fixed that. Thank you, Google.

Slick for Two Tables

After fiddling around a bit in the REPL I decided that I liked fiddling around with the data. The data was columnar, and not terribly interrelated. What I really wanted was a database.

I hacked in some Slick code, which worked exactly as advertised. I’d be highly critical of Slick if it had trouble with a schema of two tables. The remarkable thing about this Slick code is how it worked just like the examples.

Json, Because I Don’t Want a DB in my Graph Algorithms Test Code

Github is good at flat files. It’s not that hard to pull a database out of an archive, but I didn’t want to put that flavor of complexity into the graph algorithms project. I am willing to do something uninvasive and standard if it saves some weight of code. Scala pickling is the future of Json in Scala (but not quite the present yet – no support for example). It uses macros everywhere, so it is very efficient and doesn’t need help in the parsing. That’s the sort of hammer I want to swing.

I was fiddling around in the REPL anyway, so I made my data file for the graph algorithm tests there.

import scala.pickling._
import scala.pickling.json._
import net.walend.enron.EnronDatabase
import java.nio.file.{Paths, Files}
import java.nio.charset.StandardCharsets

val edges = EnronDatabase.extractTransmissionCounts
val edgeString:String = pickledEdges.value
Files.write(Paths.get("results/LessEnron2000Apr.txt"), pickledEdges.toString.getBytes(StandardCharsets.UTF_8))
val fileString ="results/LessEnron2000Apr.txt").mkString
Files.write(Paths.get("results/LessEnron2000Apr.txt"), pickledEdges.value.getBytes(StandardCharsets.UTF_8))

The only explicative was figuring out to use pickledEdges.value instead of pickledEdges.toString .

A Test of Betweenness on the Enron Data

Pulling the graph back out and running Brandes’ betweenness was very tidy:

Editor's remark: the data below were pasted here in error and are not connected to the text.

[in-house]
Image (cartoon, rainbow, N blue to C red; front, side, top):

"Betweenness for Enron data" should "be calculated" in {

  import scala.pickling._
  import scala.pickling.json._

  val fileContents = Source.fromURL(getClass.getResource("/Enron2000Apr.json")).mkString
  val edges = JSONPickle(fileContents).unpickle[Seq[(String,String,Int)]]

  val labelGraphAndBetweenness = Brandes.allLeastPathsAndBetweenness(edges,Seq.empty,FewestNodes,FewestNodes.convertEdgeToLabel)


In the REPL via sbt test:console, I ran

scala> import
scala> import scala.pickling._
scala> import scala.pickling.json._
scala> import net.walend.graph.SomeGraph._
scala> import net.walend.graph.semiring.Brandes.BrandesSteps
scala> import net.walend.graph.semiring
scala> import net.walend.graph.semiring._
scala> val fileContents = Source.fromURL(getClass.getResource("/Enron2000Apr.json")).mkString
scala> val edges = JSONPickle(fileContents).unpickle[Seq[(String,String,Int)]]
scala> val labelGraphAndBetweenness = Brandes.allLeastPathsAndBetweenness(edges,Seq.empty,FewestNodes,FewestNodes.convertEdgeToLabel)
scala> val betweenness = labelGraphAndBetweenness._2

And finally

scala>[Seq].sortBy(x => x._2)
java.lang.AssertionError: assertion failed: List(value _2$mcD$sp, value _2$mcD$sp, value _2$mcD$sp, value _2$mcD$sp, value _2$mcD$sp, value _2$mcD$sp, value _2$mcD$sp, value _2$mcD$sp, value _2$mcD$sp, value _2$mcD$sp)
	at scala.reflect.internal.Symbols$Symbol.suchThat(Symbols.scala:1916)
 	at sbt.TrapExit$

 That entry seems to have slain the compiler.  Shall I replay
 your session? I can re-run each line except the last one.

How civilized, but not quite what I wanted for a finale. It’s only 1700 email addresses, so sortBy should be fine. A quick search lead to a bug report vs Scala 2.11.5, already fixed in 2.11.6. Switching to 2.11.4 got through the trouble.

Here’s a list of the addresses with the 10 highest betweenness values in April 2000 at Enron:


Switching to the MostProbable semiring was just a matter of mapping the edges to normalized edges and rerunning Brandes’. (The most frequented sender and recipient pair in the sample is writing to 274 times. I’m sure there’s an anecdote behind that.)

val weightedEdges = => (x._1,x._2,x._3.toDouble/274))
val normalizedGraphAndBetweenness = Brandes.allLeastPathsAndBetweenness(edges,Seq.empty,MostProbable,MostProbable.convertEdgeToLabel)
val normalizedBetweenness = normalizedGraphAndBetweenness._2

The nodes with the 10 highest betweennesses using this probability model are not that different; replaced, and the other rankings moved around a bit. ActivateNetworks’ assumption was fine.


Betweenness did not do that good a job finding the executives accused in the scandal. Hopefully the Louvain method will do better.

Probably the most interesting of these is Vincent Kaminski, Enron’s managing director for research. An NY Times article describes him as ethical, professional, and heroic, in contrast to the other power brokers around him. “As Enron was collapsing, Mr. Kaminski helped all 50 of his former research staff members find jobs elsewhere.”